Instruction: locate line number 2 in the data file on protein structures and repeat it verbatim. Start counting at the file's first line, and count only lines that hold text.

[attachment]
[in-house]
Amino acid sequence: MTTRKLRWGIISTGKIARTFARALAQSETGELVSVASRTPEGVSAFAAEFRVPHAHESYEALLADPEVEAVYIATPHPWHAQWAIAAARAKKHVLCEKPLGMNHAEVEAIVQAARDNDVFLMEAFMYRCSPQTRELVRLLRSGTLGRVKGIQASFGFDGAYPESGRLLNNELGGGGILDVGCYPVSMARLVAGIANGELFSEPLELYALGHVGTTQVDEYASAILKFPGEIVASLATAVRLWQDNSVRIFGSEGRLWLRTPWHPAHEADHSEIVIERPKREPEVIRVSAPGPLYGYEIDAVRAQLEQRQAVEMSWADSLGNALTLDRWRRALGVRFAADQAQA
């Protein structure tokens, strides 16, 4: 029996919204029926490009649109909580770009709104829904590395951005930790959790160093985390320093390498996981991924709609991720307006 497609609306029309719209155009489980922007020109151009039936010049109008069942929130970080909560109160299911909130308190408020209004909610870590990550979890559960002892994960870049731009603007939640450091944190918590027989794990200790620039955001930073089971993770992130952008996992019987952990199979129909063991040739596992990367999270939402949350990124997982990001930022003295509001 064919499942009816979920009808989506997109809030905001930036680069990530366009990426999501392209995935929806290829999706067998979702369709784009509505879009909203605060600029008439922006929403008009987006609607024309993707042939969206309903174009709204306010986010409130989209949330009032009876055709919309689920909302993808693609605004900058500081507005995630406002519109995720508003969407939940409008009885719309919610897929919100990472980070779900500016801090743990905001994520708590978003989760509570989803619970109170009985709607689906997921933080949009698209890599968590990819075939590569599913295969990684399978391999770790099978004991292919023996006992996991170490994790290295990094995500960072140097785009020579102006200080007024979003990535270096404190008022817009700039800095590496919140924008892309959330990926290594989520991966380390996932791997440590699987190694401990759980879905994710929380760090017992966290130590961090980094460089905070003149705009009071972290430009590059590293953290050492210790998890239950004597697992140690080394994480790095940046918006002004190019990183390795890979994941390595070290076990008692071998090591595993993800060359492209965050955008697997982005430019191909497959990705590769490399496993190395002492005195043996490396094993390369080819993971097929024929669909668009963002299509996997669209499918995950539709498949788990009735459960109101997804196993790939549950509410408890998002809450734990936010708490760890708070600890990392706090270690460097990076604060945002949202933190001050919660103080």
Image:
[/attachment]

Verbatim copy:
Amino acid sequence: MTTRKLRWGIISTGKIARTFARALAQSETGELVSVASRTPEGVSAFAAEFRVPHAHESYEALLADPEVEAVYIATPHPWHAQWAIAAARAKKHVLCEKPLGMNHAEVEAIVQAARDNDVFLMEAFMYRCSPQTRELVRLLRSGTLGRVKGIQASFGFDGAYPESGRLLNNELGGGGILDVGCYPVSMARLVAGIANGELFSEPLELYALGHVGTTQVDEYASAILKFPGEIVASLATAVRLWQDNSVRIFGSEGRLWLRTPWHPAHEADHSEIVIERPKREPEVIRVSAPGPLYGYEIDAVRAQLEQRQAVEMSWADSLGNALTLDRWRRALGVRFAADQAQA